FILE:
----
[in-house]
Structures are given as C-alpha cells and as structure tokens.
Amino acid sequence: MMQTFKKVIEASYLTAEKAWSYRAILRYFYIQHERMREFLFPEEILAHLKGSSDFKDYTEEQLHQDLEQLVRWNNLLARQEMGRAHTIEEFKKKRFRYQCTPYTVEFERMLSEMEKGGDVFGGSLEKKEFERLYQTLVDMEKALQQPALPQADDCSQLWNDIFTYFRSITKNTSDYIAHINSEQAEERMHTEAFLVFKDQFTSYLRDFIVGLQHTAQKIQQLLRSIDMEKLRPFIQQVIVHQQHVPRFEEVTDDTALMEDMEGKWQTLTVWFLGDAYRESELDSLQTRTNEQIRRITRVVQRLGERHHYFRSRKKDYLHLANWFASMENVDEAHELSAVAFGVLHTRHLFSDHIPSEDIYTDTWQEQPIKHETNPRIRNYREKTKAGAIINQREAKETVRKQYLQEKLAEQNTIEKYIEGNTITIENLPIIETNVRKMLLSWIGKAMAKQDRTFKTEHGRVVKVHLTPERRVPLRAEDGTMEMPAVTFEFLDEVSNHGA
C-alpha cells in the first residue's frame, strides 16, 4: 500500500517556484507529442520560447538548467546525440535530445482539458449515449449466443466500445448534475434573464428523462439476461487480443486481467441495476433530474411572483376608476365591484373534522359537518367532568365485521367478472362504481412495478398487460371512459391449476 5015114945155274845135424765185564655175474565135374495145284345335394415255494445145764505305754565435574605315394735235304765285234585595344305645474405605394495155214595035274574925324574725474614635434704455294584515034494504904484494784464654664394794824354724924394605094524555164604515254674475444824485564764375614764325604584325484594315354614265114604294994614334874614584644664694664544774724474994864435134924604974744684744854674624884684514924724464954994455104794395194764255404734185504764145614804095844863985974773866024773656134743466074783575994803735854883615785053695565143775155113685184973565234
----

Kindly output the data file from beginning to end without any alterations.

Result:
[in-house]
Structures are given as C-alpha cells and as structure tokens.
Amino acid sequence: MMQTFKKVIEASYLTAEKAWSYRAILRYFYIQHERMREFLFPEEILAHLKGSSDFKDYTEEQLHQDLEQLVRWNNLLARQEMGRAHTIEEFKKKRFRYQCTPYTVEFERMLSEMEKGGDVFGGSLEKKEFERLYQTLVDMEKALQQPALPQADDCSQLWNDIFTYFRSITKNTSDYIAHINSEQAEERMHTEAFLVFKDQFTSYLRDFIVGLQHTAQKIQQLLRSIDMEKLRPFIQQVIVHQQHVPRFEEVTDDTALMEDMEGKWQTLTVWFLGDAYRESELDSLQTRTNEQIRRITRVVQRLGERHHYFRSRKKDYLHLANWFASMENVDEAHELSAVAFGVLHTRHLFSDHIPSEDIYTDTWQEQPIKHETNPRIRNYREKTKAGAIINQREAKETVRKQYLQEKLAEQNTIEKYIEGNTITIENLPIIETNVRKMLLSWIGKAMAKQDRTFKTEHGRVVKVHLTPERRVPLRAEDGTMEMPAVTFEFLDEVSNHGA
C-alpha cells in the first residue's frame, strides 16, 4: 500500500517556484507529442520560447538548467546525440535530445482539458449515449449466443466500445448534475434573464428523462439476461487480443486481467441495476433530474411572483376608476365591484373534522359537518367532568365485521367478472362504481412495478398487460371512459391449476 5015114945155274845135424765185564655175474565135374495145284345335394415255494445145764505305754565435574605315394735235304765285234585595344305645474405605394495155214595035274574925324574725474614635434704455294584515034494504904484494784464654664394794824354724924394605094524555164604515254674475444824485564764375614764325604584325484594315354614265114604294994614334874614584644664694664544774724474994864435134924604974744684744854674624884684514924724464954994455104794395194764255404734185504764145614804095844863985974773866024773656134743466074783575994803735854883615785053695565143775155113685184973565234